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Thayna Mendanha

Member of Administrative Staff, Postdoc.

Thayna Mendanha


PhD project: Understanding of wheat genotypes with improved tolerance to increased climatic variability.

University: Aarhus University

Department: Department of Food Science - Plant, Food & Climate

Supervisors:  Carl-Otto Ottosen, PhD, Senior Scientist

Co-supervisor: Eva Rosenqvist, PhD, Associate Professor (KU) and Benita Hyldgaard, PhD, Research Assistant

Project supervisor: Carl-Otto Ottosen, PhD, Senior Scientist

Project term: 01-10-2015 – 30-09-2018

Master’s degree: MSc in Agronomy, Universidade Federal de Goiás, Brazil



Wheat (Triticum aestivum L.) is a major staple food crop and the one of the most important cereal grain crop of the world. Anticipated changes in climatic variability leading to more frequent extreme conditions will require directed adaptation of crop species on an unprecedented scale in order to sustain food security.

Improved crop varieties are needed to sustain the food supply to fight climate changes and meet the challenges for food production and security. Conventional breeding and selection for stress tolerance may be improved, if the integrated stress reactions of adaptation and acclimation are better understood.

Plant phenotyping has been identified as an important field of research for progress in plant breeding and basic plant science. Mechanistic understanding and deep phenotyping play a key role in identifying useful parameters and proxies to measure. This PhD-project will increase insight into the growth and quality responses of wheat to abiotic stress caused by climate change with a focus on repeated stress events and the interaction between heat, water deficits and light level with a focus of the effects of repeated stresses.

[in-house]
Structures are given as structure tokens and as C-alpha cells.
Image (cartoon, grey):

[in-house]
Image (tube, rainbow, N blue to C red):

This project aims to improve the understanding of the adaptive physiological and morphological responses to selected combinations of abiotic stress, which will be an important tool for future crop production.


Research outline

Experiments with heat stress events; drought conditions will be conducted in climate chambers and greenhouses. The methods used will be gas exchange and chlorophyll fluorescence and part of the project will be to implement a low cost project platform using chlorophyll fluorescence, thermography and non-invasive 3D plant growth measurements (Planteye)

The outcome of this project is the establishment of a novel combination of screening methods that can be used to select general stress tolerance in different crop species, using high time resolution in combination with better understanding of effects of repeated stresses on the adaptive processes of wheat lines.


Partners of collaboration

CAPES – Ministry of Education, Brazil

Department of Food Science: Plant, Food & Climate – Aarhus University

Department of Plant and Environmental Sciences: Section for Crop Sciences – University of Copenhagen

European Phenotyping Network

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